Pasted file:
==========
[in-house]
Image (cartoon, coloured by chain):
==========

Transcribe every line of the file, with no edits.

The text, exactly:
[in-house]
Image (cartoon, coloured by chain):